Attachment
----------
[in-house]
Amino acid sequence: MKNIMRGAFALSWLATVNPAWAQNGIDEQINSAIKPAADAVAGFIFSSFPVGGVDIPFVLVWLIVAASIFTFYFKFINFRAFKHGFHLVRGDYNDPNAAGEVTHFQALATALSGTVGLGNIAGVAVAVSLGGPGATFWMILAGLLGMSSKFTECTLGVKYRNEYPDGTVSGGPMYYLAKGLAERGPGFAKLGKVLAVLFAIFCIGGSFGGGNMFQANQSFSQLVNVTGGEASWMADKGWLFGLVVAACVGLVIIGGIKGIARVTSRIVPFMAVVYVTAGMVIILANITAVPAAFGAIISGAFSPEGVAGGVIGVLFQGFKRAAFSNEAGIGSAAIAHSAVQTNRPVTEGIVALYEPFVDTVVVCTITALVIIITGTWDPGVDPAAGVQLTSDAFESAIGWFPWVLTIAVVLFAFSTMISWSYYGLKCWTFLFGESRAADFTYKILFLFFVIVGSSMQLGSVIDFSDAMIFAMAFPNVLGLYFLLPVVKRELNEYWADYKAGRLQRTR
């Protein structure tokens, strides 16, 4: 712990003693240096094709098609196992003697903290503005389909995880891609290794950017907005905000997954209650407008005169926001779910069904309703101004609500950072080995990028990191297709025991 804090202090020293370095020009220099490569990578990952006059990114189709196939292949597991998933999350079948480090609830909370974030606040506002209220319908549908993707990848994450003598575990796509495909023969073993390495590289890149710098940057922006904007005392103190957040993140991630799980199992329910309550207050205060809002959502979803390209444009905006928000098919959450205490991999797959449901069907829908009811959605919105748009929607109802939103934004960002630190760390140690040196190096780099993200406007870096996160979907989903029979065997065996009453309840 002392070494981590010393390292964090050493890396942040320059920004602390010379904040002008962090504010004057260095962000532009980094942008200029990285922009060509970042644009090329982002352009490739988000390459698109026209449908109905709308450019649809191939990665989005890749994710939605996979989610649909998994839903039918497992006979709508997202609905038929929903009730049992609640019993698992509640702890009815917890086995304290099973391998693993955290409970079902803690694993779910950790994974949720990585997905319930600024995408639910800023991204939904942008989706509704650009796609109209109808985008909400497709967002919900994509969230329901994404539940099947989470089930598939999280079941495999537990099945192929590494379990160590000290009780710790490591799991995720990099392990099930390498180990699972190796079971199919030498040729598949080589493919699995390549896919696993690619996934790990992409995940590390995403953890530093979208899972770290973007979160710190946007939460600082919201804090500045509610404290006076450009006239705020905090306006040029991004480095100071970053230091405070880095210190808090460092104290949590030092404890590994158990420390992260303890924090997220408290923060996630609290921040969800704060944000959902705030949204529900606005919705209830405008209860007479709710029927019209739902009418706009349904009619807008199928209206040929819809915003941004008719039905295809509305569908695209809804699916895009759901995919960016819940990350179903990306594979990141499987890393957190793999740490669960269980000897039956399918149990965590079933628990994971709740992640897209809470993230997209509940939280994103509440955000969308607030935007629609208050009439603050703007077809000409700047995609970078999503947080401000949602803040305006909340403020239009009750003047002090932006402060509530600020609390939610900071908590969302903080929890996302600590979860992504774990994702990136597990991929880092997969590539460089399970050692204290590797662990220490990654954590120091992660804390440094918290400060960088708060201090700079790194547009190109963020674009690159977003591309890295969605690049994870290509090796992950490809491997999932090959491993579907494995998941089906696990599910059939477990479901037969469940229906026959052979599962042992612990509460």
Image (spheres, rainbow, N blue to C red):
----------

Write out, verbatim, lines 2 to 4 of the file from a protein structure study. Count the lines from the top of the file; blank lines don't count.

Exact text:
Amino acid sequence: MKNIMRGAFALSWLATVNPAWAQNGIDEQINSAIKPAADAVAGFIFSSFPVGGVDIPFVLVWLIVAASIFTFYFKFINFRAFKHGFHLVRGDYNDPNAAGEVTHFQALATALSGTVGLGNIAGVAVAVSLGGPGATFWMILAGLLGMSSKFTECTLGVKYRNEYPDGTVSGGPMYYLAKGLAERGPGFAKLGKVLAVLFAIFCIGGSFGGGNMFQANQSFSQLVNVTGGEASWMADKGWLFGLVVAACVGLVIIGGIKGIARVTSRIVPFMAVVYVTAGMVIILANITAVPAAFGAIISGAFSPEGVAGGVIGVLFQGFKRAAFSNEAGIGSAAIAHSAVQTNRPVTEGIVALYEPFVDTVVVCTITALVIIITGTWDPGVDPAAGVQLTSDAFESAIGWFPWVLTIAVVLFAFSTMISWSYYGLKCWTFLFGESRAADFTYKILFLFFVIVGSSMQLGSVIDFSDAMIFAMAFPNVLGLYFLLPVVKRELNEYWADYKAGRLQRTR
């Protein structure tokens, strides 16, 4: 712990003693240096094709098609196992003697903290503005389909995880891609290794950017907005905000997954209650407008005169926001779910069904309703101004609500950072080995990028990191297709025991 804090202090020293370095020009220099490569990578990952006059990114189709196939292949597991998933999350079948480090609830909370974030606040506002209220319908549908993707990848994450003598575990796509495909023969073993390495590289890149710098940057922006904007005392103190957040993140991630799980199992329910309550207050205060809002959502979803390209444009905006928000098919959450205490991999797959449901069907829908009811959605919105748009929607109802939103934004960002630190760390140690040196190096780099993200406007870096996160979907989903029979065997065996009453309840 002392070494981590010393390292964090050493890396942040320059920004602390010379904040002008962090504010004057260095962000532009980094942008200029990285922009060509970042644009090329982002352009490739988000390459698109026209449908109905709308450019649809191939990665989005890749994710939605996979989610649909998994839903039918497992006979709508997202609905038929929903009730049992609640019993698992509640702890009815917890086995304290099973391998693993955290409970079902803690694993779910950790994974949720990585997905319930600024995408639910800023991204939904942008989706509704650009796609109209109808985008909400497709967002919900994509969230329901994404539940099947989470089930598939999280079941495999537990099945192929590494379990160590000290009780710790490591799991995720990099392990099930390498180990699972190796079971199919030498040729598949080589493919699995390549896919696993690619996934790990992409995940590390995403953890530093979208899972770290973007979160710190946007939460600082919201804090500045509610404290006076450009006239705020905090306006040029991004480095100071970053230091405070880095210190808090460092104290949590030092404890590994158990420390992260303890924090997220408290923060996630609290921040969800704060944000959902705030949204529900606005919705209830405008209860007479709710029927019209739902009418706009349904009619807008199928209206040929819809915003941004008719039905295809509305569908695209809804699916895009759901995919960016819940990350179903990306594979990141499987890393957190793999740490669960269980000897039956399918149990965590079933628990994971709740992640897209809470993230997209509940939280994103509440955000969308607030935007629609208050009439603050703007077809000409700047995609970078999503947080401000949602803040305006909340403020239009009750003047002090932006402060509530600020609390939610900071908590969302903080929890996302600590979860992504774990994702990136597990991929880092997969590539460089399970050692204290590797662990220490990654954590120091992660804390440094918290400060960088708060201090700079790194547009190109963020674009690159977003591309890295969605690049994870290509090796992950490809491997999932090959491993579907494995998941089906696990599910059939477990479901037969469940229906026959052979599962042992612990509460």
Image (spheres, rainbow, N blue to C red):